Why a Mutant Fish is Responsible for Your Sore Back
If you asked an inventor or an overpaid corporate engineer to design a gadget, the first thing that they would want to know is what it was supposed to do. No sensible person would design an object and then assign it a use when they had finished. Usually, the design of something depends upon its purpose. Function dictates structure.
Your spine is no different. Its myriad of strange shapes and complex joints serve very worthwhile purposes. Those funny little pointy bits on the bones did not appear by accident. If you understand the function of your back, and how those demands evolved, then you will find it far easier to appreciate its bizarre structure. Later, armed with this knowledge, you can confidently tackle tasks such as diagnosing and preventing your own back pain.
The Evolution of your Spine
Mother Nature designed your spinal column over a very long period. Helped by her design team of natural selection and evolution, she gradually fashioned the extremely complex systems that form the human spine.
The process began about half a billion years ago when an otherwise inconspicuous ocean-dwelling animal called an Elasmobranch developed a spine. The Elasmobranch’s spine was a flimsy affair: its chief function was to provide protection for the bundle of nerve fibres that ran down the creature’s back. Despite this inauspicious beginning, the vertebral column had arrived.
Over the next lazy 100 million years or so, other sea life such as primitive fish slowly evolved spines. These spines were also very simple, and made from soft cartilage rather than bone. They gradually assumed another job besides protecting the nerves: to provide an attachment for the fish’s muscles. This extra control allowed them to swim, and thus survive, more efficiently.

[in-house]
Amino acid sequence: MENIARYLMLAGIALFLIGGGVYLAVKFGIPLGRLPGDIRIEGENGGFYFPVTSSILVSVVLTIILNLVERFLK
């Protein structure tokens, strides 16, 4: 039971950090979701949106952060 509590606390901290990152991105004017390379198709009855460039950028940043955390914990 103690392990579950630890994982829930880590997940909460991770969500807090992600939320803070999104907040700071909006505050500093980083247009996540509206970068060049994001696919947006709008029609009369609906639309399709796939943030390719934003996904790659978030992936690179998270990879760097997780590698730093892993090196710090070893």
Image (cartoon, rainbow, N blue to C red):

Then, about 400 million years ago, the fish did something that had a huge effect on our spinal development: they migrated to land. With this audacious move came a new problem for the spine. Gravity.
Helped along by the very small changes that are evident from one generation to the next, these early amphibians gradually developed newer, different models of the spine. The quality control manager, natural selection, tested each new design. Those animals with more efficient spines had a better survival rate, meaning that their descendants, the reptiles, inherited better backs.
By the time mammals arrived about 250 million years ago, the vertebral column had developed many desirable characteristics:
- The individual building blocks of the spine were now constructed from dense bone rather than cartilage. This change allowed them to bear more weight.
- The vertebrae—the back bones—developed joint structures that allowed extra movement.
- Shock-absorbing mechanisms evolved that helped to protect the bones from fracturing in the rough-and-tumble of prehistoric Earth.
- Strange lumps and bumps of bone developed on the vertebrae. These protuberances provided leverage for muscle attachments, allowing more precise movement control.
For a time, everything went smoothly in Mother Nature’s spinal design department. She had an efficient, working model that allowed good movement, offered a firm attachment point for both muscles and ribs, while offering vital protection to essential nerve structures.
Then about fifteen million years ago, probably on an otherwise ordinary Tuesday or Wednesday afternoon, all that contentment dramatically changed. Something happened that would alter the requirements of the spine, and therefore its structure, forever: an apelike creature began to walk on two legs.
Why did the ape do this? Well, nobody knows for sure. However, scientists and anthropologists suspect that the motivation was so that the creature could use its front legs—its arms—for tasks such as using crude tools, or brandishing weapons for self-defence. The two-legged stance also liberated the front legs for the useful purpose of carrying objects, like food. Or beer cans.